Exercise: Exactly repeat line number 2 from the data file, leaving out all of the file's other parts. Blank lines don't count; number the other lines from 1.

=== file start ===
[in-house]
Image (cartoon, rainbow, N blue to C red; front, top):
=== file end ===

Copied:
Image (cartoon, rainbow, N blue to C red; front, top):